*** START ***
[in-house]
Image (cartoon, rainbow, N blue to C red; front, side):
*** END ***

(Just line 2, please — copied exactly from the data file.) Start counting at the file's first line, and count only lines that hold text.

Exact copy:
Image (cartoon, rainbow, N blue to C red; front, side):